Planetary surface processes and materials

In our group, we are interested in the surface of objects in our solar systems, and their characteristics allow us to determine the history of such objects. We are looking at icy and rocky objects, and investigating their properties by means of laboratory experiments, modelling, and observations (from ground and space-based telescopes). Below we provide descriptions of different topics we are working on.

Subsurface ocean and plumes

The Cassini mission revolutionized our vision on the habitability of our solar system. While the icy moons orbiting Jupiter and Saturn were supposed to be cold and inert objects well outside the habitable zone (where water can be found liquid), Cassini showed that Saturn’s moon Enceladus is very active, with a warm interior heated by tidal forces (Porco et al., 2014), allowing the presence of an ocean under a km-thick icy crust (Thomas et al., 2016). This ocean escapes through geysers (plumes) from the icy surface contributing to the formation of an exosphere. Cassini performed many fly-bys through the plumes, measuring their composition and characteristics and showed that the ocean under the icy crust is salty, fed by ongoing hydrothermal activity (Hsu et al., 2015) and contains COMs, i.e. complex organic molecules (Postberg et al., 2018). One possible explanation for this is that the subsurface ocean is covered with an organic film (as this is the case for earth’s oceans) that is carried in the plumes evaporating from the ocean. Another characteristic of the plumes is their very large velocities, reaching 700-900 m/s (Yeoh et al., 2016), highlighting that plumes are due to (an adiabatic) expansion of the gas through a nozzle like crevasse. Is the content of the plume reflecting the sub-surface ocean? Can the characteristics of the plumes (velocities, densities, composition) provide information on the crevasses (depth, thickness) or on the location of the Ocean? To address such questions, we are performing laboratory experiments to understand the relation between liquid ocean and plumes. Plumes are also modelled theoretically, and results compared to experiments and plumes measurements of Enceladus with Cassini.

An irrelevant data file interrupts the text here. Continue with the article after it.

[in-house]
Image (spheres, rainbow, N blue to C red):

A close look at the icy surface of Enceladus

In the visible to infrared wavelength range, the light reflected from the surface of an object and collected by spectrometers holds many characteristics on the surface. This reflected light can reveal the objects’ chemical composition, porosity, grain sizes, surface roughness etc. For icy moons, mainly covered by water ice, these characteristics are strongly depending on climate and space weathering, resurfacing, and deposition of gas phase species from plume material. We are expecting for example places covered by plumes material to be covered with amorphous ice, and to have large icy grains. With radiation, the size of the icy grains become smaller. Resurfacing would also produce different ice features. So by looking at Cassini measurements of the reflected light from Enceladus surface, we can separate different processes occurring. Understanding all of the ice features and their evolution is very relevant to understand moons formation and evolution.